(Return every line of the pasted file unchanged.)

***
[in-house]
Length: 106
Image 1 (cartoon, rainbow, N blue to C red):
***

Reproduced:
[in-house]
Length: 106
Image 1 (cartoon, rainbow, N blue to C red):